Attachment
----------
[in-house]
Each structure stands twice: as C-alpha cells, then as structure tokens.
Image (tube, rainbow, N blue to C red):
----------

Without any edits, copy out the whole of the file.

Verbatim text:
[in-house]
Each structure stands twice: as C-alpha cells, then as structure tokens.
Image (tube, rainbow, N blue to C red):